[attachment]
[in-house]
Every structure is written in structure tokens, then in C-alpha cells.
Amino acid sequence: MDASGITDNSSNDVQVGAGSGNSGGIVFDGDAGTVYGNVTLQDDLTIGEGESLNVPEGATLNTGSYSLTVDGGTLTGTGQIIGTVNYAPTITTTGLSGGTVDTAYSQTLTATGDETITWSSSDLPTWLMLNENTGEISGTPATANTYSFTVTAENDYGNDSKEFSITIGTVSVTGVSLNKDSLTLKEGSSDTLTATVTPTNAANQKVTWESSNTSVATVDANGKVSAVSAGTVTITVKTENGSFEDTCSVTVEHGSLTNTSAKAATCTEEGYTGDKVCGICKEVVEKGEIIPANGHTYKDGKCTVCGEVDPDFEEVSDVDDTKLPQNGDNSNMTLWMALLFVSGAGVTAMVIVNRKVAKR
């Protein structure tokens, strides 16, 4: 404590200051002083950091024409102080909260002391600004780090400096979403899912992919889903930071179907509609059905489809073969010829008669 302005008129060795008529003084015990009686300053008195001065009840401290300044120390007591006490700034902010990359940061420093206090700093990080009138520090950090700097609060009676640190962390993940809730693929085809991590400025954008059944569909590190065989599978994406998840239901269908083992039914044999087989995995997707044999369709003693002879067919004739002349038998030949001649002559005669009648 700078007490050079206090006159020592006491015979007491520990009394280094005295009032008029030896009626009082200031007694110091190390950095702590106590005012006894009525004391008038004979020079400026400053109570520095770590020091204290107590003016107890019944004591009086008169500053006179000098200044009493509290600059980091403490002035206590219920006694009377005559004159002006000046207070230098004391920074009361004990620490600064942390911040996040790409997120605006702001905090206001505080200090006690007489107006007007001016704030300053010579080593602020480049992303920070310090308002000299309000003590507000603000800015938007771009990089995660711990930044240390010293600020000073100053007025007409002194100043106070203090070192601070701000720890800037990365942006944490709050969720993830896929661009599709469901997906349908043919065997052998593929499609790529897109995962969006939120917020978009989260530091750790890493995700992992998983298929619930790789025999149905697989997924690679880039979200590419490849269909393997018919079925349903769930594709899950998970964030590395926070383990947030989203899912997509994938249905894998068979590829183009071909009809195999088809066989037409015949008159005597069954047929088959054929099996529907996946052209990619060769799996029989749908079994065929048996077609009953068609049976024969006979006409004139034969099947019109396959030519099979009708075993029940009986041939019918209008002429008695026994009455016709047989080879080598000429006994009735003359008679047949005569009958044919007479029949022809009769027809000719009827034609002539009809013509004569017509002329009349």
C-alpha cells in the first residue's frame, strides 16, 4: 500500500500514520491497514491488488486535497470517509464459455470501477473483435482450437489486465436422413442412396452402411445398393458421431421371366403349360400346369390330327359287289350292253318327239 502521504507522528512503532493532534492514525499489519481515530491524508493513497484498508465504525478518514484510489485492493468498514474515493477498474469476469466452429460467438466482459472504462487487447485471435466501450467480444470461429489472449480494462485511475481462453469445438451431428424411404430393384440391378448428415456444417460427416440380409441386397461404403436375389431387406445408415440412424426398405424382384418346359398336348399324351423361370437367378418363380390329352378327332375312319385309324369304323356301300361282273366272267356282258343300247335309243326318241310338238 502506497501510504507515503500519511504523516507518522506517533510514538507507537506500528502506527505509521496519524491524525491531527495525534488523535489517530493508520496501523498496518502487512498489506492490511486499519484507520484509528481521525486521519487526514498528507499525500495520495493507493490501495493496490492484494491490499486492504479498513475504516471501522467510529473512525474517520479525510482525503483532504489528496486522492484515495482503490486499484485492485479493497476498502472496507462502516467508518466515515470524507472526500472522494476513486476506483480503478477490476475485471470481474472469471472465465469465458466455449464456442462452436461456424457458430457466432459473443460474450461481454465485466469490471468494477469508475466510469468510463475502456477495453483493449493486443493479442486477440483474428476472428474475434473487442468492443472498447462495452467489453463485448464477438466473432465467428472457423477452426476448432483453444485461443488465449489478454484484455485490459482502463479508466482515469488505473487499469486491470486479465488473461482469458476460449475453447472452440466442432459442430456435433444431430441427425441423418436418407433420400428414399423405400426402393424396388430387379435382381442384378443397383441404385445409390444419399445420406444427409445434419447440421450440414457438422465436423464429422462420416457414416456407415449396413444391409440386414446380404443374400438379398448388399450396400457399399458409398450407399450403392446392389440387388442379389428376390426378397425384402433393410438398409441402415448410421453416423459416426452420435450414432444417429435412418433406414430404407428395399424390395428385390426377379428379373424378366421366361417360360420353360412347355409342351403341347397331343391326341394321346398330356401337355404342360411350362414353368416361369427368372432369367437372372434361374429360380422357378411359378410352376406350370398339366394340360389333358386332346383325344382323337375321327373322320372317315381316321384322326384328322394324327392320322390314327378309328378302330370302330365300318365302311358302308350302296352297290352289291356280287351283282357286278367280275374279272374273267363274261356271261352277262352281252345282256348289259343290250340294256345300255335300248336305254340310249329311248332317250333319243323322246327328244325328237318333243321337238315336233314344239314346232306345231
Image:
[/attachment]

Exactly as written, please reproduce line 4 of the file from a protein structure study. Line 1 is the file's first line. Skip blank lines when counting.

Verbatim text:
């Protein structure tokens, strides 16, 4: 404590200051002083950091024409102080909260002391600004780090400096979403899912992919889903930071179907509609059905489809073969010829008669 302005008129060795008529003084015990009686300053008195001065009840401290300044120390007591006490700034902010990359940061420093206090700093990080009138520090950090700097609060009676640190962390993940809730693929085809991590400025954008059944569909590190065989599978994406998840239901269908083992039914044999087989995995997707044999369709003693002879067919004739002349038998030949001649002559005669009648 700078007490050079206090006159020592006491015979007491520990009394280094005295009032008029030896009626009082200031007694110091190390950095702590106590005012006894009525004391008038004979020079400026400053109570520095770590020091204290107590003016107890019944004591009086008169500053006179000098200044009493509290600059980091403490002035206590219920006694009377005559004159002006000046207070230098004391920074009361004990620490600064942390911040996040790409997120605006702001905090206001505080200090006690007489107006007007001016704030300053010579080593602020480049992303920070310090308002000299309000003590507000603000800015938007771009990089995660711990930044240390010293600020000073100053007025007409002194100043106070203090070192601070701000720890800037990365942006944490709050969720993830896929661009599709469901997906349908043919065997052998593929499609790529897109995962969006939120917020978009989260530091750790890493995700992992998983298929619930790789025999149905697989997924690679880039979200590419490849269909393997018919079925349903769930594709899950998970964030590395926070383990947030989203899912997509994938249905894998068979590829183009071909009809195999088809066989037409015949008159005597069954047929088959054929099996529907996946052209990619060769799996029989749908079994065929048996077609009953068609049976024969006979006409004139034969099947019109396959030519099979009708075993029940009986041939019918209008002429008695026994009455016709047989080879080598000429006994009735003359008679047949005569009958044919007479029949022809009769027809000719009827034609002539009809013509004569017509002329009349």